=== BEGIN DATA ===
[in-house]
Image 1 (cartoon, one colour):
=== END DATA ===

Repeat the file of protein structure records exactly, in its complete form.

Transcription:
[in-house]
Image 1 (cartoon, one colour):